‘Tis the season

Yes, here we are. The travel ball tryout season has started. And along with it comes the ever-popular shuffling of players from one team to another.

There are certainly legitimate reasons to leave a team. If you’re a serious player and the others on the team are not you have reason to leave. If the coach is favoring certain players over others despite your hard work, again a good reason. If some of the girls on the team are just nasty and make it a miserable experience, you’d be stupid not to leave.

One thing I often see, though, is players thinking they’ve been treated “unfairly” because they didn’t get to play the position they wanted, even though they put no work into it whatsoever. This is especially true with pitching.

Little Suzy wants to be a pitcher. She told the coach she wants to be a pitcher. But she didn’t take lessons all winter, she didn’t practice because she had volleyball or basketball or hockey or band or whatever to do (or maybe all of them) and the one time the coach did put her in she walked and wild pitched the team single-handedly into a hole so deep it would be faster to climb out the other side than try to get back up. Is it really fair to take pitching time away from those girls who DID take lessons and work hard, just ’cause little Suzy wants to pitch?

No, it’s not. And going to another team is not going to solve the root problem. In fact, it may make it worse, because you may find that the first coach was a lot nicer than the new one. Nobody likes to lose, but some take it harder (and take harsher steps) than others.

If you really want to increase your chances of playing your desired position, don’t sit around wishing for it. Take positive steps to make it happen. Get yourself some lessons. Practice between them (which is where you’ll really get better). Show up to practices and work hard instead of continually asking the coach how much longer until it’s over. If that means you have to drop another activity or two, so be it. Or if you can’t make the commitment, drop softball. You do no one, including yourself, any good by signing up for a team and then not showing up or putting in the effort.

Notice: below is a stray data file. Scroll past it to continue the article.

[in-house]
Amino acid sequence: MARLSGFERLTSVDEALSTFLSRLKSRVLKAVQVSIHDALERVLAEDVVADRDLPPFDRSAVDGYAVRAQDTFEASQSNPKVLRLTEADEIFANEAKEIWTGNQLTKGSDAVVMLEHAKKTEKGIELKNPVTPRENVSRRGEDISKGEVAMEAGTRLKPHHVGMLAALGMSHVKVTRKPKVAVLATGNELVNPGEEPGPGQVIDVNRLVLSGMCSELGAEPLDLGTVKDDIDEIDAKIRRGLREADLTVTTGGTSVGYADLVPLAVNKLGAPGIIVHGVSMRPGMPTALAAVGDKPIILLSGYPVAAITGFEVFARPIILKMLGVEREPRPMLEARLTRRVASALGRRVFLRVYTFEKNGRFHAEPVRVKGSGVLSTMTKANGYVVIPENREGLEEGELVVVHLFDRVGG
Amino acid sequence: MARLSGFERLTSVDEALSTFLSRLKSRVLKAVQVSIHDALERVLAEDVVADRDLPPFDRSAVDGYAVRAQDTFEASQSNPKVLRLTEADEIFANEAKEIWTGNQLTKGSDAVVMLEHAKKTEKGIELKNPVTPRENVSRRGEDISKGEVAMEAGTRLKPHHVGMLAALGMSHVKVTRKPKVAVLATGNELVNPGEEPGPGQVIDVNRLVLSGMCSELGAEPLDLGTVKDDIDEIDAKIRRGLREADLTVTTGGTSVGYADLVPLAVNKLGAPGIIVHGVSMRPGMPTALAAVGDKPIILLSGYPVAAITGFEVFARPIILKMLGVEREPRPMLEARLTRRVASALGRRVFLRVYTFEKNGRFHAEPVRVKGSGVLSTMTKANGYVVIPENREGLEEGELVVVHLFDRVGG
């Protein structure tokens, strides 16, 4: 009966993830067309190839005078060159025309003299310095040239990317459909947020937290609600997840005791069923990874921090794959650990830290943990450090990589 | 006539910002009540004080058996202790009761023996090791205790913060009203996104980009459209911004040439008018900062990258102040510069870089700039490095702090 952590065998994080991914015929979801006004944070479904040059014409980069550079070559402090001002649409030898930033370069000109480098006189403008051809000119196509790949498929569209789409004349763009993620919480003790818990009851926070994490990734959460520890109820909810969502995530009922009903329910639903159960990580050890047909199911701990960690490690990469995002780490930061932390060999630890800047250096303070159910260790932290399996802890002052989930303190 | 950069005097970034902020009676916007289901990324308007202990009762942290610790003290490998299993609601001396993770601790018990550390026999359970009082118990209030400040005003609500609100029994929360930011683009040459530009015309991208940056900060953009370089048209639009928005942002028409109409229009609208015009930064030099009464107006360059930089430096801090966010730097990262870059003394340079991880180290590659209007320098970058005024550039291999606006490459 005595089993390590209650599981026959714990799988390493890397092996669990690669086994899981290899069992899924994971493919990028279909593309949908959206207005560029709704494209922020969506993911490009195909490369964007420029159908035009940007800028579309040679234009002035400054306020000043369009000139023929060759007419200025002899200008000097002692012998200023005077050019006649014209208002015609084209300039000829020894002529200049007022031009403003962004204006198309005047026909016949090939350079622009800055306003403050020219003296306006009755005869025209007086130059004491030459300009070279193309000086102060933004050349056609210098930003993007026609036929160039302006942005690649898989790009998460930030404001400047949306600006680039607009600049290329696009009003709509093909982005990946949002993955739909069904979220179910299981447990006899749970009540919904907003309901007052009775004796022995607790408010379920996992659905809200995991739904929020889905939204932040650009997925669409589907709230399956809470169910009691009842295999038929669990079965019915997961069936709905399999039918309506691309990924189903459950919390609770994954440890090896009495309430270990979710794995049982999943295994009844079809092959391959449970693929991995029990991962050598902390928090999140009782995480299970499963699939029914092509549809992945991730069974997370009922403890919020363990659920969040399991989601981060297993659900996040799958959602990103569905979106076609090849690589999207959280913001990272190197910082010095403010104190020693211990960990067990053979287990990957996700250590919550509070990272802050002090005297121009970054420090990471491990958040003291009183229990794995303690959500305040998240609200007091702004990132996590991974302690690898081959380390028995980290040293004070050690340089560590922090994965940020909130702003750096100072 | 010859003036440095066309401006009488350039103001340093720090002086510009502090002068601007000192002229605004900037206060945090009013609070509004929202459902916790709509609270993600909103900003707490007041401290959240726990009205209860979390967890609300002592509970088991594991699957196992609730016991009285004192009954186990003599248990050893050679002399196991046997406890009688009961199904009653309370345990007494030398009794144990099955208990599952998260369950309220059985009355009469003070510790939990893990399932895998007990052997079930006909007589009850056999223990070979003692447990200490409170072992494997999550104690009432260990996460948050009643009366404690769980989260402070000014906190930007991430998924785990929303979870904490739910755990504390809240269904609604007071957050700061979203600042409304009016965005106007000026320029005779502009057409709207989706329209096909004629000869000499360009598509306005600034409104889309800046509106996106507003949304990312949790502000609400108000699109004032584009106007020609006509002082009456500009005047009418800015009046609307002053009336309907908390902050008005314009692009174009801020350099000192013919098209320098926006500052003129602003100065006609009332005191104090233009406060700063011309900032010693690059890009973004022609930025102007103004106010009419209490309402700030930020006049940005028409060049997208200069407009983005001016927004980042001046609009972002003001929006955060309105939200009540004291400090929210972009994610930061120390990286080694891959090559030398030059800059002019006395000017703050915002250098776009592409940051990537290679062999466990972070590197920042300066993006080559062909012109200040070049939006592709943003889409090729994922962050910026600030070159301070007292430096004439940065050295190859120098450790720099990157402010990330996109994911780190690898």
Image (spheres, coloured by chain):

Nothing in life comes without effort. Even those who say they were “in the right place at the right time” first had to get to that place. If you’re not willing to put in the effort, changing teams won’t help. Remember, when you point your finger at someone, three fingers point back at you.
 

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About Ken Krause

Ken Krause has been coaching girls fastpitch softball for nearly 20 years. Some may know him as a contributing columnist to Softball Magazine, where he writes Krause's Korner -- a regular column sponsored by Louisville Slugger. Ken is also the Administrator of the Discuss Fastpitch Forum, the most popular fastpitch discussion forum on the Internet. He is currently a Three Star Master Coach with the National Fastpitch Coaches Association (NFCA), and is certified by both the Amateur Softball Association (ASA) and American Sports Education Program (ASEP). Ken is a private instructor specializing in pitchers, hitters, and catchers. He teaches at North Shore Baseball Academy in Libertyville, IL and Pro-Player Consultants in McHenry, IL.

Posted on August 8, 2008, in Coaching, General Thoughts. Bookmark the permalink. Leave a comment.

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